I need to turn over the soil. I need to harvest the broccoli. I need to sweep the floors. Lucy is getting fussy; I wonder how long she will last in her bouncer.
And as I was about to move Lucy outside into the garden with me, hoping she could hang on so that I could work, I was gently nudged to instead pick up a children’s book sitting on the coffee table.
“Do you want to read?”
I squatted down.
“One. One English village.” Her face lit up.
“Two. Two rich gentlemen.” She squealed with delight.
“Three. Three houses.” I looked into Lucy’s eyes and remembered. I remembered what I had forgotten about the present while I had kept myself busy with distraction.
There is a Generosity in the present moment whose creativity gently corrects my desire for control.
As I picked up another book and set aside my plans, which moments before seemed necessary, Lucy’s joy at my presence to her changed time. Time was no longer divided into minutes with tasks to be accomplished before the next child needed me. That sort of time slipped away as we dipped into something eternal.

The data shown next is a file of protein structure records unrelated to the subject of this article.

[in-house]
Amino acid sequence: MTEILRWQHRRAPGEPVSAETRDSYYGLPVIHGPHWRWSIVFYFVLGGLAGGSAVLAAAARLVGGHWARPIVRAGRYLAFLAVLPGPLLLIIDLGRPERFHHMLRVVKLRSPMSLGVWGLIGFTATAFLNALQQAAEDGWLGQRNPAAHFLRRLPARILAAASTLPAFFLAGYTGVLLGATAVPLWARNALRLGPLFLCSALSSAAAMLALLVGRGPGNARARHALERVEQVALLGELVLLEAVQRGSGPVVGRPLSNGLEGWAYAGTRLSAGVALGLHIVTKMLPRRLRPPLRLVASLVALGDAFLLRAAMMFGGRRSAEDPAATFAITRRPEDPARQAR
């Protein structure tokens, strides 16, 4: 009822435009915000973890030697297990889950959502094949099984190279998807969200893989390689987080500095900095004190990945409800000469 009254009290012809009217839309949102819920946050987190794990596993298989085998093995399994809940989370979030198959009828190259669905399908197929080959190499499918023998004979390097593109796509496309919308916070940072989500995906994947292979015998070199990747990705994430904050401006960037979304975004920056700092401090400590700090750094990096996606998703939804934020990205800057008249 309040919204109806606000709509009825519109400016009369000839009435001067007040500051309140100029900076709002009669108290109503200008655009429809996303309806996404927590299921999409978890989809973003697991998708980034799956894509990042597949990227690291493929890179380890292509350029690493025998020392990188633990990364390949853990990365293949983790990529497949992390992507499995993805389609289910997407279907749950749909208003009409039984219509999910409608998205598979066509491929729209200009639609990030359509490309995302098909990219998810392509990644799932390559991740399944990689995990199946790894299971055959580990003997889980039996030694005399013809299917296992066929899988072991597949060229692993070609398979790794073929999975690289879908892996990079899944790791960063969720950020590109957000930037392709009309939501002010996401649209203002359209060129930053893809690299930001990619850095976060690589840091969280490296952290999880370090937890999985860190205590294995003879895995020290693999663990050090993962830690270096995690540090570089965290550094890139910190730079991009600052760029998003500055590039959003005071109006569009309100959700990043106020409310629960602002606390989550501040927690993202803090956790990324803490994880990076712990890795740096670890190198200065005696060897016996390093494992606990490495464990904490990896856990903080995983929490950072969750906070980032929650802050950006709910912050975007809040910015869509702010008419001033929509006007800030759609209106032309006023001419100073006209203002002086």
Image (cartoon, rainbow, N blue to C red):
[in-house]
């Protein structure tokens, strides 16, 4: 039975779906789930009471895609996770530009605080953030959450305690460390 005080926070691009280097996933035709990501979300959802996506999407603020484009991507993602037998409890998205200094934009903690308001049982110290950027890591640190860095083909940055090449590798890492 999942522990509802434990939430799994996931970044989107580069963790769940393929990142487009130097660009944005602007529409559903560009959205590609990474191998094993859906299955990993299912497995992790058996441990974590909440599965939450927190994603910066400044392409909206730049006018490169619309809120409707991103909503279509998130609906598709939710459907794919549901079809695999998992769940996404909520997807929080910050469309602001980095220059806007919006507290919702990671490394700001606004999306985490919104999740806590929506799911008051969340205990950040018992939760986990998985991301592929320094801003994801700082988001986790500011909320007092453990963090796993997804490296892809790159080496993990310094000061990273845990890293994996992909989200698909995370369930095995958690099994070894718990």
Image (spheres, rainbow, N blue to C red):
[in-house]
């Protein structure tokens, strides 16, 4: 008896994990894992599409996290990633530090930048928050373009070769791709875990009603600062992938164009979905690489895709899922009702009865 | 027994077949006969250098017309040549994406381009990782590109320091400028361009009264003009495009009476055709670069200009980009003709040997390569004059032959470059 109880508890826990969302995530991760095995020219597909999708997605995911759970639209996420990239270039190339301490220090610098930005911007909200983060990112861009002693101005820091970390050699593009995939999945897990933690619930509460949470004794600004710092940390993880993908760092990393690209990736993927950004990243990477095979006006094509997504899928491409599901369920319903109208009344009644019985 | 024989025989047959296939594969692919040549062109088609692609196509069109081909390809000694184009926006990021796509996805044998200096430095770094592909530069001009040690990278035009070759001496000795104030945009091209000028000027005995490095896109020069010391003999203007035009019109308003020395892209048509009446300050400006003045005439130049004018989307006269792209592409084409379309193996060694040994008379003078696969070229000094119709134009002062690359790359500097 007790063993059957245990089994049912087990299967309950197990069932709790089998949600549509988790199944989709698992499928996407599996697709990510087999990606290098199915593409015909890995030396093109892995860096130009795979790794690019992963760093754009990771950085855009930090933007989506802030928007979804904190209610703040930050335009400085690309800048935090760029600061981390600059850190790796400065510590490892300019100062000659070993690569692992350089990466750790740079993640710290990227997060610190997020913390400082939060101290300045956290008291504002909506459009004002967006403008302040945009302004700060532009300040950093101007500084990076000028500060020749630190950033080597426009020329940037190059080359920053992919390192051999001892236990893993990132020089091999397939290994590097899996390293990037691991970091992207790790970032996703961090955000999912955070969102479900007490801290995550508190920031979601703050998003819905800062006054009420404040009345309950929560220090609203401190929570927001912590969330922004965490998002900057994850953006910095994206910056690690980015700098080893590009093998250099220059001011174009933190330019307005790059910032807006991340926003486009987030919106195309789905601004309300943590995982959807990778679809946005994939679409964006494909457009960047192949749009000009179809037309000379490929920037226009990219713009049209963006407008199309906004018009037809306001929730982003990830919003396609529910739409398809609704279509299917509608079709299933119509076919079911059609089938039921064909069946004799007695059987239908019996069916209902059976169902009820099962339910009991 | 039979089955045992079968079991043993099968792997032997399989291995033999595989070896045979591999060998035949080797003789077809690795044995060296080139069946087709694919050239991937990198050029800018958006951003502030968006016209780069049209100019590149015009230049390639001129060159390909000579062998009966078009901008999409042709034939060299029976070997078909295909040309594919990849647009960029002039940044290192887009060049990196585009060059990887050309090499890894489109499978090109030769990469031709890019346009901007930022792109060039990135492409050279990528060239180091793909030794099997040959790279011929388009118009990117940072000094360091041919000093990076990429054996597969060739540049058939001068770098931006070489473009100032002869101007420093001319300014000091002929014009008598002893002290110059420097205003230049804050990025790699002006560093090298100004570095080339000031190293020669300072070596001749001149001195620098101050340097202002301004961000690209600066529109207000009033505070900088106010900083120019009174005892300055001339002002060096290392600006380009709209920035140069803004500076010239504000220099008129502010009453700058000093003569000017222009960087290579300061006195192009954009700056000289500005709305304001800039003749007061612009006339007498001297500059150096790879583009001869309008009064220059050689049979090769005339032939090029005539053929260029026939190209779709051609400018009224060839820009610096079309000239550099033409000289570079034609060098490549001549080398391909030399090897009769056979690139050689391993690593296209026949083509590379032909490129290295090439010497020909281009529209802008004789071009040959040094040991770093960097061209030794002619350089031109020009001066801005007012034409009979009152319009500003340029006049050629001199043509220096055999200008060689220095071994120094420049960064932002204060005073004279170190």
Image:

If I could name why I believe in heaven, moments like these might be it: moments of joy, peace and love that are so marked by timeless beauty that they could not be of this world.
I have been avoiding being in the present moment. It feels too vulnerable right now.
I want to forget that thousands of people are isolated, sick, and dying. I don’t want to be quarantined at home anymore. I don’t want to be looked at skeptically by others when on a walk. I want to go to the grocery store without feeling anxious. I don’t want to be scared of touch. I want to embrace my family and friends.
But today, on Divine Mercy Sunday, God reminded me of His generous love that lives in the present moment. There is contentment in working on a floor puzzle with my two-year-old. There is bright joy in talking with my cooing infant. There is creative energy in listening to my very verbal four-year-old. There is peace in having an afternoon cup of decaf with my husband.
Maybe more than all of these, there is a God who is always present to me. When most of the time, I am not present to Him. And that sort of generous, effusive, patient, forgiving, healing, embracing love — that is Mercy.